This is one drill that quells the haters out there that think you can’t build muscle without weights. Fact: Volume training promotes muscle growth. That’s straight from the National Strength And Conditioning Association (NSCA), one way in particular will help you build strength without pushing your body over the edge. It’s called the “Eustress Protocol”.
Here’s how the Eustress protocol will help you get fit without taxing your body. 

Eustress is the opposite of distress, which is the most common form of stress in popular exercise literature. However, keeping in the theme of not wanting to stress your body out, distress is not always a great choice. Enter: Eustress. This works brilliantly for increasing the amount of exercise we can do in a given time (volume). We keep our exertion low so as to not stress the system and gradually over time, we build in more volume and raise the baseline of the amount of work we can do before it’s too much exertion. Basically, if you wanna do 25 pushups, Eustress Protocol would suggest you do 2-3 pushups at a time with as much rest as you need. A good point of reference is nasal breathing. If you catch yourself gasping for air, you’re no longer in Eustress. Be mindful of your breath and make sure you can breathe through the nose the whole time. Try our Eustress Push-up Ladder drill for your next Zoom party. Aim to complete 20 pushups, but break it up into sets of 2-3 with as much rest as you need to keep your heart rate below 65% max. Don’t have a Heart Rate monitor? Focus on maintaining nasal breathing through the whole drill. 

All three of these drills are staples in The Music Fit Method Movement Coach course, so if you’re interested in learning more about how to optimize your physical and mental performance both on and off the stage, or uh, these days - on and off the Livestream. Apply to the program on a Unison Benevolent Fund Karma Scholarship here

 

Want more? Learn The ABC’s Of Artistry: With DJ Z-Trip

We had a really great conversation with DJ Z-Trip last week on the Music Fit Podcast. We dove into how he’s able to know when to push and when to pull back and how prioritizing his health has helped him navigate the industry and become the legendary pioneer that many credit for popularizing DJ “mash-ups”. Over the span of his 30 year career he’s pretty much seen it all and shares some strategies that have helped him maintain an awareness and agency over his body and resulted in longevity at the elite level. It’s a really rad conversation. Check it out here: 067: "Learn The ABCs Of Artistry" with DJ Z-Trip by The Music Fit Podcast

Lastly, we’re keeping the doors open until midnight tonight for any musicians that would like to become a certified Music Fit Movement Coach. No training background required. We made this cert for musicians and we still have a few Karma Scholarships available for Unison Members, because financial hardship shouldn’t prevent those that want to improve their lives and the lives of others around them from doing so. Class starts tomorrow, Monday February 22 at 2:07 MST. We’d love to see you there! Get in touch if you’re interested!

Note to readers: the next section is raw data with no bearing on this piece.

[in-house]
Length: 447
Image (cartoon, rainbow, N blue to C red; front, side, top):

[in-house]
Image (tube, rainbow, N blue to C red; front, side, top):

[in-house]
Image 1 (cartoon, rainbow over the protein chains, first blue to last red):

About Music Fit Collective  

We'll keep it simple. We're empowering 10,000 musicians by 2022 to live well so they can keep on sharing their gift with the world. When was the last time you saw a super healthy musician? Right? Unicorns. We tame unicorns.

We are a network of musician-first health and wellness professionals, specializing in movement, nutrition and mindset for the very unique lifestyle demands of the creative. Based in the Foothills of the Great Canadian Rockies, we serve as a launch pad with international reach to help you connect with the professional services you need to bring your "Eh" game (see what we did there...) both on and off the stage. We offer in house musician wellness certification, education, services and we only partner with those that speak to the same vibe of personal and professional development and world-class service. Wanna learn more? Wanna help?

Head to www.musicfitcollective.com

 

About The Author - Mike Schwartz, Ba., Cert IV, CPT, HLC, Pn

Mike Schwartz is a musician-first fitness professional, author and educator. A.K.A "The Rock Doctor" he has contributed to Canadian Musician Magazine, appeared on Rick Barker's "The Music Industry Blueprint Podcast" and since authoring his 2017 publication "The Musician's Guide To Surviving The Rock Star Lifestyle", he’s been the driving force behind musician wellness and a key figure at Canadian Music Week, Australian Music Week, BreakOut West, Abbey Road Institute, Studios 301, Folk Music Ontario and the Canadian Country Music Awards.

When he’s not coaching musicians, you'll likely catch Mike making like Fergie up in the gym workin’ on his fitness, writing, or making music. With the mountains and the ocean in mind, he enjoys travel and culture and is grateful to spend time with loved ones and his 4-legged best friend, Darwin The Pooch.

Contact Mike at www.miketheschwartz.com